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Tech firms could be forced to hand children’s data to bereaved parents

An amendment to the Online Safety Bill has been proposed that would help bereaved parents access data about their child’s social media activity which could shed more light on their deaths.

Baroness Beeban Kidron said she will table amendments in the House of Lords that would require tech firms to supply such data.

It comes after the inquest into the death of 14-year-old Molly Russell concluded that social media content she viewed contributed to her death “in a more than minimal way”.

Molly killed herself in November 2017 after viewing content linked to depression, self-harm and suicide.

Molly Russell
Molly Russell (Family handout/PA)

Baroness Kidron, a child online safety campaigner and crossbench peer, said the amendments aim to avoid a repeat of the five-year wait Molly’s family had for her case to reach an inquest due to delays over accessing large amounts of data linked to her social media accounts and online activity.

The details of the proposed changes have not been finalised, but the Telegraph reported that under the proposed amendments, social media companies could face large fines for failing to provide the data.

“No family should be denied the opportunity to understand the circumstances surrounding the death of their child,” Baroness Kidron said.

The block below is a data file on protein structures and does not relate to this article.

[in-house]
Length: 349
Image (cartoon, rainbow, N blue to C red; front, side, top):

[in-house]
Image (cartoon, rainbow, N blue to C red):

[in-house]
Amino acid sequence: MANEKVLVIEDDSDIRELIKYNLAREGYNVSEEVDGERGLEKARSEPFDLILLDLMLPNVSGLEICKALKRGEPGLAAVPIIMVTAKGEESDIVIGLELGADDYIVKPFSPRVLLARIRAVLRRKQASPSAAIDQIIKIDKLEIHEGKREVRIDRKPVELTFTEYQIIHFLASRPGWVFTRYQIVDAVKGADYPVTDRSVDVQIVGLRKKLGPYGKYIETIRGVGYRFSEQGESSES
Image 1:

“The main purpose of the Online Safety Bill must always be to prevent such tragedy. But if a tragedy happens, it is inhuman to force grieving parents to beg for information and wait years for the truth.

“I have spoken repeatedly to Government ministers on this issue asking that this become a Government amendment, but if necessary I will ask the House to vote.

“No politician of any political persuasion should vote against it. To do so is to add to the pain of already bereaved families and to condemn the bereaved of the future to further pain.”

Molly Russell’s father Ian has backed the amendments, saying: “On many occasions, it would have been easy for us to give up and accept little or no digital evidence would be provided.

“Instead, with the support of many, we resolved to keep pushing for the data required to learn lessons, improve online safety and save lives.

“Having lived through Molly’s extended inquest, we think it is important that in future, after the death of a child, authorities’ access to data becomes much more straightforward, a matter of course.

“A more compassionate, efficient and speedy process is required to meet the needs of families and the authorities.”

The repeatedly delayed Bill is expected to return to Parliament shortly, with campaigners urging the Government to end the wait for online safety legislation.